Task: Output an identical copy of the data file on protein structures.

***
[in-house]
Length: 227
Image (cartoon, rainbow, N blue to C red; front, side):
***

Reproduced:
[in-house]
Length: 227
Image (cartoon, rainbow, N blue to C red; front, side):